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Wednesday, September 5, 2012

120905 St Leonards Naremburn

Here is the scan from this mornings effort. The Burnt Sienna marker is a little I have now replaced it with one that I got from the set we got at the symposium.

Summary so far (I am comparing with ink and watercolour)... I am rushing tonight so not sure if all of these will make sense...

What I love
- so easy to get clean fresh colours (no messy, dirty mixes)
- very little drying time (I can sketch more as can almost instantly turn the page and start sketch no. 2 or 3 or 4!) Also nice not to have to walk the streets holding my book open and checking to make sure I have not unexpected runs of wet watercolour paint
- it is the same action as when I am drawing – ie. I am using a pen. it is the hand/ head dialogue that gives me great joy in exploring an object. I don’t quite get the same experience when I painting- I love splashing pigment and water around, but it is the drawing side (as an architect) that is my foundation
- solid block colour rather than linear/stroke based colour of a wc pencil... Easy to colour a large area quickly and can produce a perfect solid uniform wash
- overlaying of colours is very exciting ... No murky mixes!
- blending opportunities to explore
- I am loving using these markers in a loose way (rather than the traditional polished manner) and seeing how my personal watercolour style is translated to a different medium
- I am really want to explore the massing of colours that Eduardo does – so amazing his work – and using markers I think will be a great way to explore more painterly work which I can then translate back to watercolour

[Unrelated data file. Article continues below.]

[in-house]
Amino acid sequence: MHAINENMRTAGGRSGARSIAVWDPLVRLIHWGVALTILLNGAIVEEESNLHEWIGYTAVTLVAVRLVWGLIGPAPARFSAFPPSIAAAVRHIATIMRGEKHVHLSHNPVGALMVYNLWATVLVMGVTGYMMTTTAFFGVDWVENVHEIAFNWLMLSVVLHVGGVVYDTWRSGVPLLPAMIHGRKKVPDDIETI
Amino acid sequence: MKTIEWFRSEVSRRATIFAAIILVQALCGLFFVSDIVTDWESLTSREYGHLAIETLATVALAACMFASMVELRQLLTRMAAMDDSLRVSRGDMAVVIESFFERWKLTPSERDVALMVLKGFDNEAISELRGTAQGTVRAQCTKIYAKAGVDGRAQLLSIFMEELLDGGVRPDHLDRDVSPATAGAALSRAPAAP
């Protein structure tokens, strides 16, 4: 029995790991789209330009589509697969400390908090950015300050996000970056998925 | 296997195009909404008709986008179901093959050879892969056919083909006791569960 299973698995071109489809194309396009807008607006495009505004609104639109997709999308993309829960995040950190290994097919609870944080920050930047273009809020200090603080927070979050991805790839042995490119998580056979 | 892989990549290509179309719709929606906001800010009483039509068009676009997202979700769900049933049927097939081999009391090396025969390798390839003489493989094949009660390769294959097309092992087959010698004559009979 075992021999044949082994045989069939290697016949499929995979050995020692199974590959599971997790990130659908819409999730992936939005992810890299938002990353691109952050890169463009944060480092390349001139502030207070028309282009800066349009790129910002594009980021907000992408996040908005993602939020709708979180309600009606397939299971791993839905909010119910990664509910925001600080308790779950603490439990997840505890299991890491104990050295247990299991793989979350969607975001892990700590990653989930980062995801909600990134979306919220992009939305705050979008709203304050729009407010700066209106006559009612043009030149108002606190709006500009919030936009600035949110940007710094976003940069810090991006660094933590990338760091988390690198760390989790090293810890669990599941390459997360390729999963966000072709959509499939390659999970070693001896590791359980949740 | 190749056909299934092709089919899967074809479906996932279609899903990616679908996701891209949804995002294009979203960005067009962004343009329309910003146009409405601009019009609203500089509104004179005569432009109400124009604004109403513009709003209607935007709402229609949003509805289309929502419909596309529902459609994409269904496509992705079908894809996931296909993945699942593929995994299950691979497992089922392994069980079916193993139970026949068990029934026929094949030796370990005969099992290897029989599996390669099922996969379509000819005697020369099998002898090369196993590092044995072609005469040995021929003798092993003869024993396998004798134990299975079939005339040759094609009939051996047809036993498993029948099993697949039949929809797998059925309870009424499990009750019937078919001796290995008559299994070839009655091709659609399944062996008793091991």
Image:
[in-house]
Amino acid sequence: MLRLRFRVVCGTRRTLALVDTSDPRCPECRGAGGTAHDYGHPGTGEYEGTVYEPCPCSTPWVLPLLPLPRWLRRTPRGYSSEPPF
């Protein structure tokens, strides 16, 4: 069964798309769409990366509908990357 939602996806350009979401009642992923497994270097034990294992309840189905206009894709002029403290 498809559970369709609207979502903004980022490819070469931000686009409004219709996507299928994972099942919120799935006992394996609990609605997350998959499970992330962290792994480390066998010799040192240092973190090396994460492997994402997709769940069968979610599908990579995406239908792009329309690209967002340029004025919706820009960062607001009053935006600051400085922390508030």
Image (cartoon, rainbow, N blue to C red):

What is not so good
- They are expensive and you need a lot of them as there is a limit to how much you can layer.
- The colours are so nice... That I want MORE... I have bought more than I need already and still need to go to my art store to get a rose/magenta colour... Will I come away with only one ...or more?
- Good to have wet and old dried out pens for some effects – =more markers...
- They bleed through the paper... Almost any paper
- Not as convenient to hold many colours when on site (vs my little watercolour kit that I can create unlimited colours from) and you MUST put the lid back on immediately after use. Of course I am working fast (very fast) and constantly changing pens (sketching like a mad woman even more than usual!). This adds a little to the adrenalin rush that I get from sketching (so this is a positive, I suppose... I come into work pumping as a result!!!)
- Need a range of light.mid and dark colour... = More markers....and be careful with the dark ones... Once on the page you are stuck with it!
- Fumes? Not an issue outside but could be an issue inside (the old yoken pens were far worse)

Ok.. That's all that I can think of after a few days of using them ( only 5 days worth...seems longer than that!) I am NOT trying to convert everyone to rush out and buy a heap... I am not sure that they would work for many of you....but I just can't help sharing my excitement with you all!


  1. I've been watching with excitement as you've been exploring Copic (I assume? Not sure I saw the name mentioned) markers! I just recently started exploring Pitt Big Brush markers, which are not alcohol-based, so they don't bleed through. But otherwise seem similar (though I've used Copics only briefly, so I can't really compare). Like you, I use mainly watercolors for color, so the markers are giving me a whole different look and process that I really enjoy. A few of my recent blog posts have marker sketches, and the posts before those are mostly watercolor:

    - Tina

  2. Actually, most of those marker sketches on my blog were done with Japanese brush markers, which are water-soluble. I forgot that I haven't yet posted the ones done with Pitt markers. :-) Will look forward to seeing more of your explorations!

    - Tina

  3. thanks MiataGirl! I enjoyed looking at your work. I might try doing different objects in different colours. thnaks for visiting